We implemented TSA to reduce the risk of type I error by keeping the overall 5% risk of a type I error and 20% risk of a type II error (power of 80%) to evaluate the RIS. As it showed, the sample size of the 18th study had crossed the TSA boundary (Figure 4). The positive conclusion was obtained in advance, which was consistent with the above meta-analysis results. And the sample size had reached the required information size (13,493 cases) to obtain a positive conclusion. Therefore, it can be thought that AA carriers have a lower risk of cancers than GG carriers, and the evidence is reliable. The actual result was shown in Figure 4.
In the past 20 years, a large amount of epidemiologic researches were centered on correlation between Aurora-A rs1047972 gene polymorphism and cancers risk, but the conclusions are still controversial. Based on it, this meta-analysis was performed to investigate whether the Aurora-A rs1047972 gene polymorphism was correlated with the susceptibility of cancer. In this meta-analysis, a total of 24 case-control studies including 14,639 cancer cases and 21,287 normal controls were investigated. Our results demonstrated that a significant association was observed for Aurora-A rs1047972 gene polymorphism in overall population. And the AA genotype carriers have a slightly lower incidence of cancer compared to that of GA/GG carriers and the GA/GG variant might be a risk factor for cancer susceptibility in overall populations.
In a stratified analysis by population, we found a significant association between Aurora-A rs1047972 variant and the susceptibility of the cancer in Caucasian population. Our results indicated that GA/GG genotype carriers have a higher risk of cancer compared to that of AA carriers and the AA variant might be a protective factor for cancer susceptibility in Caucasian population. However, we did not find any association between Aurora-A rs1047972 variant and cancer risk in Asian population. In a stratified analysis by cancer type, our results indicated that Aurora-A rs1047972 polymorphism has an increased risk for lung cancer.
Our results were consistent with the study by Gu et al. . Because Gu et al. also found that Aurora-A rs1047972 polymorphism has an increased risk for lung cancer. But our results were different from Lai et al.  and Bao et al. , Lai et al. found the association of Aurora-A rs1047972 polymorphism with an increased risk of gastric cancer susceptibility in Malaysians, and gastric cancer incidences among Malaysians have significantly association among younger age group (<50 years). Bao et al. found AA carriers of the Aurora-A rs1047972 polymorphism were significantly associated with decreased susceptibility to HBV-related hepatocellular carcinoma when compared with non-carriers. However, we did not find any significantly association in gastric cancer and hepatocellular carcinoma susceptibility. In addition, Chen et al.  found that the Aurora-A rs1047972 polymorphism was associated with protection from colorectal cancer susceptibility. Why the studies above have the different results, the possible reasons might illustrate as below: First, cancer is a complex disease, and various environmental factors might have an influence on the susceptibility of different cancers. During the occurrence and development of malignant tumors, mutations of various tumor suppressor genes and activation of oncogenes are important starting and promoting factors, and they run through the entire process of tumor progression. Second, the difference of ethnic (Asians and Caucasians) in the Aurora-A rs1047972 gene frequencies might also lead to these different results. Third, the other gene polymorphisms might have an effect on the cancer susceptibility, not only the Aurora-A rs1047972 polymorphism. In addition, the increase of various cytokines, chemokines and inflammatory mediators can also promote angiogenesis, cause suppression of local immunity and inhibit apoptosis, and can increase the risk of tumor metastasis.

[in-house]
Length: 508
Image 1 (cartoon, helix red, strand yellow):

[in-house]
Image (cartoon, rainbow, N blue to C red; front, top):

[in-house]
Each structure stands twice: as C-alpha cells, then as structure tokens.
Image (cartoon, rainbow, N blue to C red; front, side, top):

We also carried out subgroup analysis by SC and GM. In a stratified analysis by SC, we found significant association between Aurora-A rs1047972 polymorphism and increased risk of PB group. In a stratified analysis by GM, we observed significant association between Aurora-A rs1047972 polymorphism and increased risk of MALDI-TOF group. Our results indicated that different genotype methods might have an important affect in different studies.
A previous meta-analysis conducted by Tang et al.  included 14 case-control studies. They found Aurora-A rs1047972 polymorphism was a protective factor in Caucasians. However, based on more studies, we found Aurora-A rs1047972 polymorphism was a risk factor in Caucasians. There are some reasons for the different results between Tang et al. and our study: First, the number of patients included in Tang's study was relatively small, and Tang's study was published in 2014, there were many case-control studies in the past five years been published. With more included studies and larger sample sizes, our findings and our results were more accurate and reliable. Second, compared with Tang's study, we also analyzed the relationship between more types of cancer risk and genetic polymorphisms such as cervical cancer, esophageal cancer and hepatocellular carcinoma, which could provide more clues and guidance for clinically practical work. In addition, huge heterogeneity was observed in Tang's study (I2 = 55.4%) but not in our meta-analysis (I2 = 0%), so this might distort their results.